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General Election 2015: the manifestos are out

Helen Beecher Bryant : April 21, 2015 3:08 pm : News

Last week, the General Election campaign entered its final phase, with all three main political parties publishing their election manifestos. And we’ve been measuring them up against our own policy manifesto, Valuing families, valuing maternity.

First out of the blocks, on Monday, was Labour, with an 85-page document entitled Britain can be better. This sets out several policy pledges on issues highlighted in our manifesto.

There is welcome recognition that the employment tribunal fees of up to £1,200 introduced by the Coalition in July 2013 have created “a significant barrier to workplace justice”. A Labour government would “abolish the employment tribunal fee system as part of wider reforms to make sure that affordability is not a barrier to workers having proper access to justice, employers get a quicker resolution, and the costs to the tax payer do not rise”. And, in its separate Manifesto for Work, issued two weeks earlier, Labour adds: “We will ask Acas to oversee a process led by the CBI and the TUC to agree reforms to the system”. However, this fails to spell out whether Labour would abolish fees outright, or introduce an alternative fees system. And it raises questions about how long the Acas-led reform process would take, and whether the current fees would remain in place in the meantime.

There is disappointingly no mention of the ‘childcare gap’ between the end of paid maternity leave (or shared parental leave) and the start of entitlement to free childcare. But the manifesto does pledge an expansion of “free childcare from 15 to 25 hours per week for working parents of three and four-year-olds, paid for with an increase in the bank levy” and “a legal guarantee for parents of primary school children to access wraparound childcare from 8am to 6pm through their local primary school”. The manifesto adds that “this will be underpinned by a new National Primary Childcare Service, a not-for-profit organisation to promote the voluntary and charitable delivery of quality extracurricular activities”.

On midwifery and maternal mental health services, the manifesto commits Labour to “invest in 20,000 more nurses, 8,000 more GPs, and 3,000 more midwives”. And, in a blogpost published a few days before the manifesto, Labour pledges “guaranteed personalised one-to-one care from a midwife” and explains that “this guarantee will be made possible by our commitment to recruit 3,000 more midwives by 2020 – through our £2.5bn Time to Care Fund, funded through a mansion tax on properties over £2m, tackling tax avoidance and a new levy on tobacco firms”. While some have noted that “the full benefits of personalised care will not be achieved by this election pledge”, it certainly amounts to a very significant investment in midwifery services, and as such is very welcome. The full manifesto also pledges that “mental health will be given the same priority as physical health, with a new right to access talking therapies”.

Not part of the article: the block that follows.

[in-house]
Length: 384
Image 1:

The manifesto re-iterates Labour’s previously announced pledge to “double the current two weeks of paternity leave to four weeks, and increase the amount of paternity pay from £140 to more than £260 a week”. And, noting that “many grandparents want to be more involved in caring for their grandchildren”, there is a commitment to “support them in doing so”. This was amplified two days later, with a separate Manifesto for Women stating that a Labour government would “consult on allowing grandparents … to share in parents’ unpaid parental leave, enabling them to take time off work without fear of losing their job”.

Last but by no means least, the manifesto states that a Labour government would “end the indefinite detention of people in the asylum and immigration system, ending detention for pregnant women and those who have been the victims of sexual abuse or trafficking”.

On Tuesday, it was the turn of the Conservatives, with an 84-page document entitled, Strong leadership; a clear economic plan; a brighter, more secure future. On childcare, this matches Labour’s core offer by pledging to “give families where all parents are working an entitlement to 30 hours of free childcare for their three and four year-olds”, and commits a Conservative government to implementing the Coalition’s tax-free childcare scheme.